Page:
Asbestos in domestic properties
Asbestos may be present in buildings constructed or refurbished before it was banned in 1999. Asbestos is most likely to be found in these locations:
- Sprayed asbestos and asbestos loose packing - generally used as fire protection in ducts, firebreaks in ceiling voids and around structural steel work
- Moulded or pre-formed lagging - generally used in thermal insulation of pipes and boilers
- Insulating boards used for fire protection, thermal insulation, partitioning and ducts eg panels, partitions, soffit boards and ceiling panels
- Some ceiling tiles
- Millboard, paper and paper products used for insulation of electrical equipment. Asbestos paper has also been used as a fire-proof facing on wood fibreboard
- Asbestos cement products, which can be fully or semi-compressed into flat or corrugated sheets.
- Corrugated sheets are largely used as roofing and wall cladding. Other asbestos cement products include gutters, rainwater pipes and water tanks
- Certain textured coatings
- Bitumen roofing material
- Vinyl or thermoplastic floor tiles
It is important to ensure that asbestos found in the home is managed appropriately to ensure the safety of your family, friends and neighbours.
- An assessment should be carried out to highlight any potential asbestos containing materials that are going to be disturbed by the proposed work.
- If you are unsure whether a material contains asbestos you should have it checked by a competent surveyor or analyst before commencing any work.
- Once identified, these materials should not be disturbed. If disturbing the asbestos is unavoidable then you should take all measures to reduce dust / fibre levels to a minimum.
Asbestos materials in good condition and that are not vulnerable to damage, are best left where they are as removal can lead to higher levels of fibres in the air. The condition of the asbestos containing materials left in place should be periodically checked to make sure that they have not been damaged or started to deteriorate.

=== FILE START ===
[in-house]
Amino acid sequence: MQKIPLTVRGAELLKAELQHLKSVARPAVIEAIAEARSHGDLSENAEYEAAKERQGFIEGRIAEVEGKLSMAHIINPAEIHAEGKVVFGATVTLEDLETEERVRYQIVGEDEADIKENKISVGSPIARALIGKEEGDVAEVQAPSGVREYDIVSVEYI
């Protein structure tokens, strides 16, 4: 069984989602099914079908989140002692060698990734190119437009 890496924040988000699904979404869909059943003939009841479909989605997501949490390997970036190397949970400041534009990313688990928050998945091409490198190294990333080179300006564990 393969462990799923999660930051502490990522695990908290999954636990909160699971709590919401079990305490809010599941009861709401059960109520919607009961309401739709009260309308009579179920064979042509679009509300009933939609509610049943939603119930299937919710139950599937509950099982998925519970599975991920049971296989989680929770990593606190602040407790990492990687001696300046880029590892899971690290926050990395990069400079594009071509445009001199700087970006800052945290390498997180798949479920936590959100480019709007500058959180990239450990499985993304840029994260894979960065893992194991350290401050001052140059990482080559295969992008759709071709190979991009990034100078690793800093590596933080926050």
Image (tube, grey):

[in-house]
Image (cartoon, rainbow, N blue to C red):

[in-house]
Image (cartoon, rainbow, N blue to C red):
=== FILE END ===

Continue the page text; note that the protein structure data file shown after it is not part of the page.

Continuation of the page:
- Materials which have the potential to release high levels of fibres, such as asbestos lagging and asbestos insulation board, should only be removed by licensed asbestos removal contractors.
- Less hazardous materials, such as asbestos cement, asbestos floor tiles and asbestos water tanks can be removed relatively safely as long as some simple precautions are taken.
See the Health and Safety Executive's website for advice and guidance on carrying out a range of works with asbestos.
Disposal of asbestos
Asbestos can be taken to some, but not all, of Kent County Council's household waste recycling centres in or close to the Sevenoaks District. Visit the Kent County Council Rubbish and Recycling webpage or call Kent County Council's Waste Helpline on 03000 41 71 71 to find the centre nearest to you and the correct procedures for handling asbestos at KCC sites.
For large quantities, or if you require a company to dispose of the asbestos, contact the Asbestos Removal Contractors Association for a company near you.